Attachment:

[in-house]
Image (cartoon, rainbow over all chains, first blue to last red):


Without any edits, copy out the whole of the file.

[in-house]
Image (cartoon, rainbow over all chains, first blue to last red):